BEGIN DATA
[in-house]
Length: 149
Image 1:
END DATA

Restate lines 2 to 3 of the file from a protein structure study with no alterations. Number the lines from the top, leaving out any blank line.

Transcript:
Length: 149
Image 1: